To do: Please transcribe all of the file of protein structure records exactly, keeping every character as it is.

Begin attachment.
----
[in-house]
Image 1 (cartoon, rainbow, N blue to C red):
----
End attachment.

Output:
[in-house]
Image 1 (cartoon, rainbow, N blue to C red):